Cross Bayou: What Were We Promised in 1996?
In 1996, Shreveport voters passed a $5 million dollar bond issue for Cross Bayou development. But what were we promised and what has been delivered since that election.
I was here and voted in that election. It was the same election Shreveport voters emphatically turned down a proposal for a zoo. But the Cross Bayou measure passed by 98 votes. It was pretty close, but it passed. It provides $5 million and that was a 20 year bond. That 20 years is up and it has me wondering what do we have for that $5 million.
The KEEL News team has been doing some investigating and found some interesting facts you might want to know about.
First, we got the Secretary of State's Office to pull the exact language from the bond election:
So the city was given the authority to acquire or improve land for a "public park". It's been 21 years and we don't have a public park. But we have bought up several pieces of land. The city is negotiating for other parcels along Cross Bayou. I want to add here that I think it was genius decades ago to buy up all the riverfront property along the Red River. The city has controlled all of that valuable property and eventually paved the way for the first casino in the local market. It also means Shreveport is one of only a few city's in the country with so much publicly owned riverfront property.
How does Mayor Ollie Tyler's plan to build a sports complex and multi-use development at Cross Bayou meet the terms of the 96 election? I would assume the plan will ultimately include a park along the river as part of this development to stay true to the wishes of the voters.
In researching this story, we found this in the minutes of the Shreveport Council from March 11, 2003
At the time, Mayor Keith Hightower addressed the Council about some of the public concern about the convention center and the plan for Cross Bayou.
Back in 1996 when Mayor Williams came to the citizens and asked for a bond issue to be passed for park use along Cross Bayou, that proposition had been on a ballot prior to that and it was titled "Cross Bayou Project" or something of that nature. We came back and used "park use" hopefully so that money could be obtained through a bond issue to inventory property so that we could control waterfront property much as Administrations prior to the Mayor Williams had done along the riverfront itself. That bond issue did pass, it put $5 million dollars in the coffers to be able to go and acquire land. As soon as that happened, Mayor Williams got right to work and I was on the Council at the time and he bought several pieces of property down along Spring Street to be used for public inventory, for public purpose down the road, no plan ever specifically in what we were going to do with any of that property, but we know that we wanted to control all of the riverfront all the way to Common Street.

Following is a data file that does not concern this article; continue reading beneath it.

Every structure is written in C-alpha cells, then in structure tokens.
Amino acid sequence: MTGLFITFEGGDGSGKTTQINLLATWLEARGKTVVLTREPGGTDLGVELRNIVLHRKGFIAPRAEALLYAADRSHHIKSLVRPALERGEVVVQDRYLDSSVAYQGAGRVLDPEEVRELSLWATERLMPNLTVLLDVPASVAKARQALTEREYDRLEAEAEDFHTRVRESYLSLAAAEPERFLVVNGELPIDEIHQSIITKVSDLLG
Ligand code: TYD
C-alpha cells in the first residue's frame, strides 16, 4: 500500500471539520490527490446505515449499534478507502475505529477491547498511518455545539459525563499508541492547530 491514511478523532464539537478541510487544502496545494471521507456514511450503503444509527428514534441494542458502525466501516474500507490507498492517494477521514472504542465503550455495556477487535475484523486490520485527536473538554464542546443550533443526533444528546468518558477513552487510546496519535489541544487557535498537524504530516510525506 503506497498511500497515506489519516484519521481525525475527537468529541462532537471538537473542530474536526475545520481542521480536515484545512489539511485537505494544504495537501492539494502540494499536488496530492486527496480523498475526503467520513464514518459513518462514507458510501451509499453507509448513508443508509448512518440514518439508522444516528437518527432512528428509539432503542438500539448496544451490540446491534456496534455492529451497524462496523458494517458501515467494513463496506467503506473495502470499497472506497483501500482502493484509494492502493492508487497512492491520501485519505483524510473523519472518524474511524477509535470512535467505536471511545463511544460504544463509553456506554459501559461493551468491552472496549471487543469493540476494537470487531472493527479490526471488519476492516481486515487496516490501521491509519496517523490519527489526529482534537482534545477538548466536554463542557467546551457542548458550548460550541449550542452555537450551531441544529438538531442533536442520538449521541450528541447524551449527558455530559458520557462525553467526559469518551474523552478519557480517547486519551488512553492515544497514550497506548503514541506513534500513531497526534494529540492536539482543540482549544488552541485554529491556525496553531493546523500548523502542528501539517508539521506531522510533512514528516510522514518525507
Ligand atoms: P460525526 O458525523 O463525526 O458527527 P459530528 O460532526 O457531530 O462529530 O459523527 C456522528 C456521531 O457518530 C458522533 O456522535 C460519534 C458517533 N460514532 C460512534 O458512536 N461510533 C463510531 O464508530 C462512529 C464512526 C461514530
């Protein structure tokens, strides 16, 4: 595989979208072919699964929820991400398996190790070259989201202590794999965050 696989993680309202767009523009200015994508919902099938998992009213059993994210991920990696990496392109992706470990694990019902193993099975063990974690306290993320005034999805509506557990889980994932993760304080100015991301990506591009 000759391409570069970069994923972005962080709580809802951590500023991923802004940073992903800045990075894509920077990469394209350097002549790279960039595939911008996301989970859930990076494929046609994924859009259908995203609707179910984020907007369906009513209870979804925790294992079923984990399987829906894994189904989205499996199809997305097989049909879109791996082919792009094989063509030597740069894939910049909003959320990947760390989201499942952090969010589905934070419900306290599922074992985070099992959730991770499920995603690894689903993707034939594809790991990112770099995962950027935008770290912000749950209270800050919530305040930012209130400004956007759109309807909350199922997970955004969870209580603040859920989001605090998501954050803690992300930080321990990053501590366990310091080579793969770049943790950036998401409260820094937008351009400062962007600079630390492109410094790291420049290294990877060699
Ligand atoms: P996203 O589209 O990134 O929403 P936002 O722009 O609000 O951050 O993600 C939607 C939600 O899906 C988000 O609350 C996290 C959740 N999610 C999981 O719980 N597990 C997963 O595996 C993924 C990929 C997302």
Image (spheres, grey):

The former Mayor went on to say:
We are going to have people that want to operate private businesses along Cross Bayou that are going to want to know, can I locate on this property. At some point, I think we do have to sit down and determine is that property for sale, is that property for lease, is that property something that needs to be reimbursed to a park fund if we are to partner up with somebody or can we partner up with somebody to enhance any public space that may eventually be a park or is the Convention Center a part of a park, is a museum part of a park, is a library, is whatever use may come about, a part of the eventual park. And I don't think that that is any different than going to the mall in Washington, when you look at the mall, is the monument a part of the park?
Former CAO Tom Dark is also quoted in the minutes saying "we are convinced that the area, if developed properly, has the potential to be as important to our city in the future as the existing riverfront areas already are."
Dark is right. The potential is there. But will people support this complex. Will businesses open up there? Will people move to the riverfront? Corporate Realty of Birmingham,Alabama thinks it will work. They are willing to invest 130 million in this project. But many local residents claim it's a pipe dream and it won't work.
I hope we will all stop and think about this question. If leaders have a company willing to invest $130 million dollars in our city, is it responsible of Council Members or the Mayor to say :"no thanks"? They must investigate this opportunity. They must try to bring in jobs and development. That is what they are charged with doing. But they will also be held responsible if this is a failure.
What you really should be angry about is what has been happening over the past 20 years? We have no park at Cross Bayou. We voted for that in 1996. Who has failed to deliver and why? This one vote should make us all very hesitant to believe government promises.
In the Parks and Recreation Master Plan for 2006 – 2020 we also found some interesting tidbits.
The top priority cited in this report was a zoo. Leaders also put a zoo on the 96 ballot, and it failed big time. The report also cited a need for a large indoor area that could support boxing programs and other special events.
Here's the part of this report that local leaders should pay attention to:
The addition of an indoor arena facility to house larger events was indicated as a need. This type of facility could be considered in the future as a complementary facility to the new convention center that has recently opened.
In the North Shreveport Regional Development Plan which was finished in May of 1998, Cross Bayou and Market Street/Spring Street is noted as a "park environment gateway opportunity." The report called for completion of the proposed linear park that connects to the Riverfront. Maintaining the natural environment of Cross Bayou and refurbishing the bridges to include new lighting and possibly flag poles or monuments to define the area as part of Market Street.